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COCOBOD money not solution to free falling cedi – Bentil

Private legal practitioner, Kofi Bentil has said cash from the Cocoa Syndicated Loan will not help in solving the problem of the depreciating cedi.
If it could, he noted, previous governments would have succeeded at arresting the free fall of the cedi in previous years through the same means.

The cedi has currently crossed ¢5.62 to a dollar compared to GH¢4.42 in the same period last year and GH¢4.27 in January 2017.
For a country that is greatly dependent on imports, many fear the depreciating cedi will only get worse if long term measures are not put in place to check it.

The Association of Oil Marketing Companies has warned that they may be forced to increase their prices at the pumps of the rate of depreciation continues.
President Akufo-Addo has expressed worry over the situation and the Finance Minister, Ken Ofori-Atta has promised relief in the coming weeks as government is expecting large inflows of foreign exchange soon.
He told journalists during the week that government was working at solving the problem and “We have about $300 million coming in from COCOBOD and another $600 million also from COCOBOD in about a month or so. We have officially launched our Eurobond which will be $3 billion and that should close within the next couple of weeks.
“With the kind of fundraising that I have talked about,” he said, “I think that all things will come to an end and we will realise that this is just a blip…and all of this should happen the next two or so weeks,” he added.

But Mr Bentil doubts if this is the solution to the problem.
The Senior Vice President of policy think tank, IMANI Africa said, the claim that the COCOBOD cash will solve the problem is like “having a disease-causing temperature and you are taking a painkiller for it,” he said on Joy News’ news analysis programme, Newsfile.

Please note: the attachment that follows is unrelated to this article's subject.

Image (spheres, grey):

He said causes of the year on year depreciation of the cedi is yet to be known and government, instead of consistently pumping dollars into the economy and relying on COCOBOD and foreign investments, must look at long term solutions.
“What the cedi rate reveals is that there is something fundamentally wrong with our economy and I don’t think we have understood it.
“Whoever is dealing with it is not doing a good job. If you claim to be working hard at something but you are not solving the problem, you don’t know what you are doing because clearly, the problem is not being solved.”

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The Finance Minister’s suggestion for something to be done about the country’s over-dependence of exports as it creates a depreciation of the cedi, has also been critiqued by Mr Bentil.
He said the United States’ ability to maintain a stable dollar despite its large trade deficit is proof that that analogy is moot.
Mr Bentil suggests “We have economists in this country, department of economics, analysts, think thanks…we have people who should take this issue and analyse it.
“Let’s find what causes our cedi to behave this way because if we don’t cure this temperature it will start affecting our brain and start killing everything. We need to study it understand it then we can competently manage it.”

The Executive Director of the Media Foundation for West Africa (MFWA), Sulemana Braimah agrees with Mr Bentil.
He said the problem of the cedi is similar to a number of problems the country faces and government has failed to address it just like they have failed in the other areas.
“We have not had politicians who have said they will take a long term approach which will not yield the results that will make people happy immediately, which will mean that the likelihood of losing an election is real but it is about the interest of the country.”
He is certain that the vice president, Dr Mahamadiu Bawumia – who is the head of the economic management team – is capable of solving the problem and they should take the bold step and damn the consequences.

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